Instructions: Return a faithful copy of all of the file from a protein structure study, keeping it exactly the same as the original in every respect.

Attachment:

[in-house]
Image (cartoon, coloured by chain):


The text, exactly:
[in-house]
Image (cartoon, coloured by chain):